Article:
The first time I ever heard the word complementarian was while sitting in a pew at Bethlehem Baptist Church. I can't remember the exact moment, but I knew it was a new concept for me. My early years as a believer were spent sitting under the ministry of John Piper and the elders of Bethlehem. When I walked through those doors my first Sunday I didn't know what "sovereign" meant, let alone how important it was that I was made female and not male.
Boy, has it been quiet around here. The boys came home from the NICU on March 11 and it has been a whirlwind of night feedings, day feedings, bottles, and sweet cuddle times with our twinsies. Needless to say, I have had little time to think, let alone write. But I'm slowly emerging from the fog of having two newborns.
I showed this video to my marriage and family class the other day and I thought it was too good not to share with all of you. If you haven't read The Meaning of Marriage, run (don't walk) to get it right now. Or go to Amazon and buy it immediately. It is worth it. A lot of what the Kellers say in this video is from their book, but I particularly loved how Tim Keller talked about the basis for relational intimacy in marriage. But don't just take it from me, listen to the whole thing (and get the book!).
In college I had a list. You probably know the one I’m talking about. It was the list. The list that promised me I could (and would) find the man of my dreams. The list that held every quality I desired in a husband. The list that I tucked away for that special day—the day I met him and we lived happily ever after.
Daniel and I have just finished a much needed vacation, hence the silence on the blog this past week! But I have been writing. This morning, Her.meneutics (the Christianity Today blog for women) posted something I wrote on a popular trend in Christendom--single women calling Jesus/God their boyfriend. I'm sure at some point you have heard someone say something along these lines, "until God brings me a husband, I am content to just have him as my boyfriend." Some have even gone so far as calling God their lover, as so many popular songs often do.
We all know a guy like this. He’s outgoing, suave, sensitive, and flirtatious. Women flock to him, and because of this he always has a different one on his arm. Some are quick to write him off as a player. Others simply attribute his antics to a deep love for women. And with so many to choose from, there are a lot out there for him to love.
A few years ago a girl I knew remarked that she felt strange visiting her particular hairdresser because she was a lesbian. Knowing that this woman was attracted to women, not men, made her uncomfortable, and eventually she moved on to someone else. She meant no ill-will towards the hairstylist. She was a solid believer, valued God's word, and prayed fervently for lost people to come to Christ. But when it came to the homosexual hair stylist something just didn't sit right with her. I think her response is quite common for many of us within the conservative Christian community.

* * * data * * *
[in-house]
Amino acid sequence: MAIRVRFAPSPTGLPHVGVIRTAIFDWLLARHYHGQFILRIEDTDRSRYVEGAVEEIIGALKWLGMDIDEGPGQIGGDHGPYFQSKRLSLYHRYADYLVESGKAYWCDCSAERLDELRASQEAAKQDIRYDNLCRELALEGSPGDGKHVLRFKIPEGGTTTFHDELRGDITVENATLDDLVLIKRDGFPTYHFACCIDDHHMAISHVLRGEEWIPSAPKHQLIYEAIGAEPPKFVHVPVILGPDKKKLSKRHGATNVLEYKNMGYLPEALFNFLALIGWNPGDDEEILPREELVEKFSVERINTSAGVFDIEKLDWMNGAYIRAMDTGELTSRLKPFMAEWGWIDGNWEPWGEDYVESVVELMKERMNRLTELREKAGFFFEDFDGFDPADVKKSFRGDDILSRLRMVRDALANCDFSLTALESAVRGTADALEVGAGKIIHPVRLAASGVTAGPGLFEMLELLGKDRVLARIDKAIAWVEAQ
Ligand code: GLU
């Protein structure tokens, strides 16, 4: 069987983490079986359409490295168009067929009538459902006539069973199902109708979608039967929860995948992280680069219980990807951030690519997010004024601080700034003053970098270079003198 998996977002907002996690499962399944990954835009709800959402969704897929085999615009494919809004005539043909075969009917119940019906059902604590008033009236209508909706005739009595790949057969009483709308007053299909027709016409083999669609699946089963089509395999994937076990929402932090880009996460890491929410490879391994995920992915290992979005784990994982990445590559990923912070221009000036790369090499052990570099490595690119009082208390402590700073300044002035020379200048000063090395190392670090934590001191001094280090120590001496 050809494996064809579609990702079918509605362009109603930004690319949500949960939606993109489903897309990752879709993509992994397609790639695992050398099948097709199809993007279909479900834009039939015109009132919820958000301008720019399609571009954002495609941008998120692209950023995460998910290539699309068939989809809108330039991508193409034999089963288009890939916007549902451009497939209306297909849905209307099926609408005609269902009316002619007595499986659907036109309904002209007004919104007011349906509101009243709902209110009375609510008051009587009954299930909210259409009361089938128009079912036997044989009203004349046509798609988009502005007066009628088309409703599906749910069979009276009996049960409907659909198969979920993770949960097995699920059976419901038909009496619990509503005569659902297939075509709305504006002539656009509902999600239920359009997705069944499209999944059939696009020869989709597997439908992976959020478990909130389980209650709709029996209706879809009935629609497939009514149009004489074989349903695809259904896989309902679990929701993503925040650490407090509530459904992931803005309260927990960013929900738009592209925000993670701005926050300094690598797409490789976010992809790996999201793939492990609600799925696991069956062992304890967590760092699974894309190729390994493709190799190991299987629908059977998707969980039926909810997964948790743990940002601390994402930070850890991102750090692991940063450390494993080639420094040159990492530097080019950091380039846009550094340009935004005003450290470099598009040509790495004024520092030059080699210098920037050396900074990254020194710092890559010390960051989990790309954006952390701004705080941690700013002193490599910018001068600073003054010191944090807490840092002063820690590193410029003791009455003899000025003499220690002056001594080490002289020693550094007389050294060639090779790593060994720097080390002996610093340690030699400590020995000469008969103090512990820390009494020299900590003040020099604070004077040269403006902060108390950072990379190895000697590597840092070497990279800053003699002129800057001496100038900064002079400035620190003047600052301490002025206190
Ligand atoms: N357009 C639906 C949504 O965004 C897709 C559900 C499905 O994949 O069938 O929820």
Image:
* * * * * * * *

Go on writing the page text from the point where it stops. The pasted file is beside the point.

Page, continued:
“Blessed are the pure in heart, for they shall see God.” –Matthew 5:8
I have read this verse for years and it was only recently that the full weight of it hit me. Lack of purity, in heart and ultimately in deed, can keep us from seeing God. So often when we talk about purity with young people we focus primarily on behavior modification. It is not wrong to tell kids not to have sex and that “true love waits”. In fact, telling them what not to do is a form of instruction and necessary in shepherding and guiding. But it must be more than that. And I think the Bible tells the same story.
How do you think through your working relationships with the opposite sex? Do you have boundaries? Does it even matter? Even more than that, does the Bible have anything to say about these things?
Even though we are more than halfway through the month of April, I think it's worth mentioning that April is Sexual Assault Awareness Month. I actually didn't know that until this year, so I'm not sure how long it has been held this month. Regardless of my past ignorance, it's an important issue to raise awareness about. Sexual assault is a horrible and demeaning form of violence against men and women. And while it is reprehensible, it should be talked about in our churches and in our communities. Silence doesn't make it go away. It only isolates the victim further.